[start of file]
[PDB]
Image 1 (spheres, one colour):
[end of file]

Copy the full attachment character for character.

[PDB]
Image 1 (spheres, one colour):